To assemble the utility pole 10, the desired pole main section 12, pole end section 14, and one or more of the corresponding light fixtures 16 is removed from inventory. The studs 30 are screwed or mounted into the cooperating apertures 22b of the first adaptor plate 20. The pole end section 14 is positioned on the pole main section 12 by sliding the second adapter plate 24 over the studs 30, such that the sockets 32 of the pole end section 14 are properly positioned for the light fixture 16 so as to orient the light fixture in the desired direction. Hex nuts 38 or the like are tightened onto the studs 30 within the pole end section 14 so as to secure the pole end section 14 to the pole main section 12 in the desired alignment, thereby combining the first and second exterior appearances 27 and 34, respectively, into a uniform exterior appearance 40. A cap 42 which has a mounting lip 43, is then mounted to cover the free end 36 of the pole end section 14 to complete the assembly of the utility pole 10. The cap 42 creates a substantially water-tight seal when it covers the open free end of the pole end section 14. A completed utility pole of desired lengths is now ready for use by the customer. Preferably, the pole main section and the end section will be assembled by the customer who will be installing the light fixtures. The light fixture 16 may then be attached by the customer to the pole end section 14 at the sockets 32 by conventional fastening means. The cap 42 may be removed by the customer to facilitate the attachment.
An alternative embodiment as shown in FIG. 4 utilizes a tenon plate 44 rather than the pole end section 14. The tenon plate 44 has a cylindrical portion 46 adapted to receive a top-mount light fixture (not shown). A flange 48 located at the inner end 26 contains a plurality of apertures 28b which cooperate with a plurality of standard bolts 50 which obviates the need for hex nuts 38 to secure the tenon plate 44 to the pole end section 14.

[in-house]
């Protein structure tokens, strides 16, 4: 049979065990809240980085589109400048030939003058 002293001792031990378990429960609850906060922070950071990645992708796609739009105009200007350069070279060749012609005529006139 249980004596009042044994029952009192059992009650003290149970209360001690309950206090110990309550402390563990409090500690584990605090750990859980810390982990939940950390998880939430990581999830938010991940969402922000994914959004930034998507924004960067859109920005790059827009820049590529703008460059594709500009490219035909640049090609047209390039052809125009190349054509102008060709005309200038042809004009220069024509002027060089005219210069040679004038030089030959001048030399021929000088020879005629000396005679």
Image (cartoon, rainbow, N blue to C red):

While the best mode for carrying out the invention has been described in detail, those familiar with the art to which this invention relates will recognize various alternative designs and embodiments for practicing the invention as defined by the following claims.
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|U.S. Classification||174/45.00R, 248/159, 52/127.12, D26/71, D26/68, 362/431|
|International Classification||E04H12/08, E04H12/24, F21V21/116|
|Cooperative Classification||E04H12/08, E04H12/24, F21V21/116|
|European Classification||F21V21/116, E04H12/08|
|Oct 25, 1991||AS||Assignment|
Owner name: UNITED LIGHTING STANDARDS, INC. A CORPORATION OF
Free format text: ASSIGNMENT OF ASSIGNORS INTEREST.;ASSIGNOR:MAC VOY, DOUGLAS W.;REEL/FRAME:005904/0239
Effective date: 19911021
|May 30, 1997||FPAY||Fee payment|
Year of fee payment: 4
|May 10, 2001||FPAY||Fee payment|
Year of fee payment: 8
|Jun 15, 2005||REMI||Maintenance fee reminder mailed|
|Nov 30, 2005||LAPS||Lapse for failure to pay maintenance fees|
|Jan 24, 2006||FP||Expired due to failure to pay maintenance fee|
Effective date: 20051130